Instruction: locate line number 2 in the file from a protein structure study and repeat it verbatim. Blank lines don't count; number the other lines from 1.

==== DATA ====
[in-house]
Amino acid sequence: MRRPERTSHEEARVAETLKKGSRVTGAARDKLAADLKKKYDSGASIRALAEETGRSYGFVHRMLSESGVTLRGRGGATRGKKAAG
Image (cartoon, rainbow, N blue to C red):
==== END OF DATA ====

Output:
Amino acid sequence: MRRPERTSHEEARVAETLKKGSRVTGAARDKLAADLKKKYDSGASIRALAEETGRSYGFVHRMLSESGVTLRGRGGATRGKKAAG